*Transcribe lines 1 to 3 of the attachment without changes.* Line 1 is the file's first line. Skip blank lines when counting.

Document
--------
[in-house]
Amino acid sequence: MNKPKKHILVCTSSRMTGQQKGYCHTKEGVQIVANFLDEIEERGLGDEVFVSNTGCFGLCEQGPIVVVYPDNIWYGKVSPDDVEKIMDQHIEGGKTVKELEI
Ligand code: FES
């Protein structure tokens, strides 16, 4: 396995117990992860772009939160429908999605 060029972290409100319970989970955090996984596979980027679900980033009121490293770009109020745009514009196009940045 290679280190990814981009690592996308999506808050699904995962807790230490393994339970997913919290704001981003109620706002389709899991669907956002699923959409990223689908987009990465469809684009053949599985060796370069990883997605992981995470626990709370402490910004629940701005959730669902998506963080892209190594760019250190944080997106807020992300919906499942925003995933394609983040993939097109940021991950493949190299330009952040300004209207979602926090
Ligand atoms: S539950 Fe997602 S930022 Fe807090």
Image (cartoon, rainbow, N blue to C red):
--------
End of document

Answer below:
[in-house]
Amino acid sequence: MNKPKKHILVCTSSRMTGQQKGYCHTKEGVQIVANFLDEIEERGLGDEVFVSNTGCFGLCEQGPIVVVYPDNIWYGKVSPDDVEKIMDQHIEGGKTVKELEI
Ligand code: FES